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  • 1. Well Logging Course (1st Ed.)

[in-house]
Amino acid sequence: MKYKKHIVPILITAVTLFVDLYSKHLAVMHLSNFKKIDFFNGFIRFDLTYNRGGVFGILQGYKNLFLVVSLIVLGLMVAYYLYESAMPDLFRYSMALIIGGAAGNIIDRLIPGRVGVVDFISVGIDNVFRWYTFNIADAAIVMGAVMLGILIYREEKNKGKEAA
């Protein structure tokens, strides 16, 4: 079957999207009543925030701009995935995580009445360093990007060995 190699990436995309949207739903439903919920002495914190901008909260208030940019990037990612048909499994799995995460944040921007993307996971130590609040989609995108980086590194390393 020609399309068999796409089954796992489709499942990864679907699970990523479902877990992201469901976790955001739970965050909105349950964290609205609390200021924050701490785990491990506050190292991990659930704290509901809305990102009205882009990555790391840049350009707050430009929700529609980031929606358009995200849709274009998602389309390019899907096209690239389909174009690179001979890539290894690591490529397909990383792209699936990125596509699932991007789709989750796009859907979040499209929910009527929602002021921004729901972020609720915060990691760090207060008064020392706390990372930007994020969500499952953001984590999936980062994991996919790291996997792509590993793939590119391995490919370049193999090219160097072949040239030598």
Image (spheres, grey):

2. 1. Reading A Log 2. Examples of Curve Behavior And Log Display 3. Electrical Properties Of Rocks And Brines 3. 1. Spontaneous Potential A. membrane potential B. Application C. Log Example of The SP 4. Spontaneous potential Spontaneous potential main usage: the identification of permeable zonesThe origins of the spontaneous potential in wellbores involve both electrochemical potentials and the cation selectivity of shales.basis for the spontaneous potential is the process of diffusion the self-diffusion of the dissolved ions in the fluids in the borehole and in the formation.Fall 13 H. AlamiNiaWell Logging Course:5 5. The mechanism of generating the liquid-junction potential Electrochemical potentials of interest to the generation of the spontaneous potential are the liquid junction potential the membrane potentialFigure schematically illustrates the situation for the generation of the liquid-junction potential. To the left is a saline solution of low NaCl concentration. To the right is one of a higher ionic concentration. Fall 13 H. AlamiNiaWell Logging Course:6 6. The liquid junction potential As is often the case, the resistivity of the drilling mud filtrate (Rmf ) is greater than the resistivity of the formation water (Rw), so:Where Vlj is The liquid junction potentialFall 13 H. AlamiNiaWell Logging Course:7 7. A schematic representation of the development of the SP in a borehole The cell marked Ed corresponds to the liquid junction potential just discussed is sketched with the polarity corresponding to a higher electrolyte concentration in the formation water than in the mud filtrate.additional source of SP is associated with the shale result of the membrane potential generated in the presence of the shale that contains clay minerals which have large negative surface chargeFall 13 H. AlamiNiaWell Logging Course:8 8. A representation of a shale On the left, consisting of rock mineral grains and small platy clay particles.On the right the distributions of ions close to the face of one of the clay minerals is shown, which illustrates the so-called electrical double-layer.Fall 13 H. AlamiNiaWell Logging Course:10 9. How does a cation differ from an anion? A cation (s)(+)is a positively (+) charged ion. It loses one or more negatively charged electrons when forming ionic compounds. (are) almost always metalsAn anion (s) (-)is a negatively (-) charged ion. It gains one or more electrons when forming ionic compounds. (are) typically nonmetalsEvery ionic compound must contain both a cation and an anion so that the compound as a whole has no charge.A common example: In the ionic compound table salt (NaCl), sodium (Na+) is the cation, and chloride (Cl-) is the anion.Fall 13 H. AlamiNiaWell Logging Course:11 10. electrical double layer We assume that shale is nearly impermeable to fluid flow, but still capable of ionic transport, although considerably altered by the presence of clay minerals.The shale acts like a cation-selective (+) membrane. This property is related to the sheet-like structure of the alumino-silicates that form the basic structure of clay minerals. At the surface of the clay minerals there is a strong negative charge related to unpaired Si and O bonds. When the clay mineral particles are exposed to an ionic solution, one containing Na+ and Cl for example, the anions (Cl-) will be repulsed by their surfaces while the cations (Na+) will be attracted to the surface charge, forming the so-called electrical double layer. Fall 13 H. AlamiNiaWell Logging Course:12 11. membrane potential Close to the clay layers, the fluid will be dominated by cations since the anions are excluded by electrostatic repulsion.In this manner, in a complex mixture of clay minerals and other small mineral particles, with pore spaces even too small to permit the hydraulic flow of water, the cations will be able to diffuse along the charged surfaces, from high concentration to low concentration while the negative Cl ions will tend to be excluded.Such a diffusion process will tend to accumulate a positive charge on the low ionic concentration side of the shale barrier, producing an attendant electric field. In the practical situation, the cations from the fluid saturating the porous sand zone diffuse through the shale to the borehole with the lower cation concentration.Fall 13 H. AlamiNiaWell Logging Course:13 12. evaluating the membrane potential In this figure a semipermeable shale barrier separates the solutions of two different salinities. A schematic representation of the mechanism responsible for the generation of the membrane potential. The diffusion process is altered by the selective passage of Na+ through the shale membrane. Fall 13 H. AlamiNiaWell Logging Course:14 13. magnitude of the membrane potential The natural diffusion process is impeded because of the negative surface charge of the shale. The Cl ions which otherwise would diffuse more readily are prevented from traversing the shale membrane,whereas the less mobile Na ions can pass through it readily.The result is that the effective mobility of the chlorine in this case is reduced to nearly zero.magnitude of the membrane potential VmFall 13 H. AlamiNiaWell Logging Course:15 14. SP Measurement In the case of lower NaCl concentration in the mud, the voltages add, resulting in a more negative voltage in front of the sand than in front of the shale zone.The membrane potential provides about 4/5 of the SP amplitude, since the absolute value of mobilities enters in its potential, rather than the difference as in the liquid-junction potential.The SP is measured, between an electrode in the borehole and a distant reference. Fall 13 H. AlamiNiaWell Logging Course:17 15. natural potential vs. static spontaneous potential The shale baseline represents the natural potential between the two electrodes, without electrochemical effects, andis ideally a straight line from top to bottom.The static spontaneous potential (SSP), is the ideal SP generated by electrochemical effects when passing from the shale to a thick porous clean (shale-free) sand if no current flowed.Fall 13 H. AlamiNiaWell Logging Course:18 16. potential drop In practice the electrode can only measure the potential change in the borehole. Although the mud is usually less resistive than the formation, the area for current flow is much smaller in the borehole than in the formation, so that the borehole resistance is usually much higher than the formation resistance.Most of the potential drop therefore takes place in the borehole with the result that the measured SP amplitude in the center of the bed is close to the SSP. Fall 13 H. AlamiNiaWell Logging Course:19 17. The determination of Rw In the best of cases, the measurement of the SP allows the identification of permeable zones and the determination of formation water resistivity. Since the mud filtrate resistivity can be measured, the formation water resistivity can be calculated using factors that are well known for NaCl solutions.A deflection indicates that a zone is porous and permeable and has water with a different ionic concentration than the mud. Fall 13 H. AlamiNiaWell Logging Course:20 18. effective water resistivities vs. actual resistivities In practice the electrochemical potential is often written in terms of effective water resistivities (Rmf e) and (Rwe) rather than actual resistivities. These are equal to Rmf and Rw except for concentrated or dilute solutions. In concentrated solutions,below about 0.1 ohm- m at 75 F, the conductivity is no longer proportional to the number density of charge carriers and their mobilities. At high concentrations the proximity of the ions to one another is increased; their mutual attractions begin to compete with the solvation to reduce their mobilities.In dilute solutions of most oilfield waters, other ions than Na+ Cl become increasingly important.Numerous charts exist for the determination of Rw from the SP, knowing Rmf and temperature.Fall 13 H. AlamiNiaWell Logging Course:21 19. Other applications of SP log The SP is also used to indicate the amount of clay in a reservoir. The presence of clay coating the grains and throats of the formation will impede the mobility of the Cl anions because of the negative surface charge, and thus spoil the development of the liquid-junction potential.The ideal SP generated opposite a shaley sand when no current flows is known as the pseudo static potential (PSP).In addition to these quantitative interpretations, elaborate connections have been established between the shape of the SP over depth and geologically significant events.Some examples of using the SP curve to determine patterns of sedimentation are given in Pirson [10]. Fall 13 H. AlamiNiaWell Logging Course:22 20. SP vs. other logging techniques The measurement of the SP is probably the antithesis of the high-tech image of many of the other logging techniques. The sensor is simply an electrode (often mounted on an insulated cable, known as the bridle, some tens of feet above any other measurement sondes) which is referenced to ground at the surface. The measurement is essentially a dc voltage measurement in which it is assumed that unwanted sources of dc voltage are constant or only slowly varying with time and depth. Fall 13 H. AlamiNiaWell Logging Course:25 21. shale and clean sand beds along with the idealized response of SP logging deflections to the left correspond to increasingly negative values. In the first sand zone, there is no SP deflection since this case represents equal salinity in the formation water and in the mud filtrate.The next two zones show a development of the SP which is largest for the largest contrast in mud filtrate and formation water resistivity.In the last zone, the deflection is seen to be to the right of the shale baseline and corresponds to the case of a mud fi